Who engages with patient-centered, peer-reviewed publications? Tweeting of JAMA Patient Pages
Objective: Since 1998, JAMA has published peer-reviewed Patient Pages to help healthcare professionals (HCPs) promote credible information to patients; with growing patient-empowerment and access to social media, the public may now be the primary promotors. We investigated engagement with JAMA’s Patient Pages via Twitter.
Research design and methods: For this controlled cross-sectional analysis, sequential (November 2013–November 2015; n=86) free-access JAMA Patient Pages were matched for topic and time to JAMA articles (controlling for journal; n=86) and to free‑access, MEDLINE®-listed articles (controlling for access; n=86). Altmetric.com and Twitter data were analysed by an independent academic statistician.
Results: For Patient Pages (34 vs 8; P<.001), JAMA articles (28 vs 9; P<.001), and MEDLINE® articles (1 vs 0; P=.002), the median number of tweets was significantly higher for the public vs HCPs. The median number of Tweeters, median number of followers, median Attention Scores, and percent of articles having the US as the top Tweeting country were significantly higher for Patient Pages (49; 226,719; 35; 93%) and JAMA articles (47; 214,773; 42; 88%) vs MEDLINE® articles (1; 183; 1; 22%); for each outcome, the difference between Patient Pages or JAMA articles vs MEDLINE® was P<.001; no significant differences were detected between Patient Pages vs JAMA articles.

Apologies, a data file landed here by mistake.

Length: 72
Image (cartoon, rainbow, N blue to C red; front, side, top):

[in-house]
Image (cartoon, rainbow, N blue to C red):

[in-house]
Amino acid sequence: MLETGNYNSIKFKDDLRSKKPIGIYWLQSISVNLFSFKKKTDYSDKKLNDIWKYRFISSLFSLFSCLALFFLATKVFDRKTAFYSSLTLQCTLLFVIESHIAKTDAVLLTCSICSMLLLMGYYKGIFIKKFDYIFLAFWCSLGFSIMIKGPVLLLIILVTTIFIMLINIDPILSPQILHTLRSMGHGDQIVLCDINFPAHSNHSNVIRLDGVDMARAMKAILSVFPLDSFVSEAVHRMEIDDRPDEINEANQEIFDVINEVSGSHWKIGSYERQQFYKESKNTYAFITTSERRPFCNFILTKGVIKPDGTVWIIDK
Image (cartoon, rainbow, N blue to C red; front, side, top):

Conclusions: The public may be more powerful promoters of peer‑reviewed publications, whether patient-centric or not, than HCPs. Tweeters from the US were the strongest promoters of JAMA’s patient‑centric, peer-reviewed publications.